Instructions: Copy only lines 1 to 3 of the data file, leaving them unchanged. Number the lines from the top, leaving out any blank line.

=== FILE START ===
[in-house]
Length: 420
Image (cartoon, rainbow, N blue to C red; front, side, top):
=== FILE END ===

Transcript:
[in-house]
Length: 420
Image (cartoon, rainbow, N blue to C red; front, side, top):